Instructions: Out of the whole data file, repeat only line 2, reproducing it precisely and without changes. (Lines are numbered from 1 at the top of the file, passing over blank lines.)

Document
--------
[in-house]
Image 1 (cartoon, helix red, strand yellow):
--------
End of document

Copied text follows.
Image 1 (cartoon, helix red, strand yellow):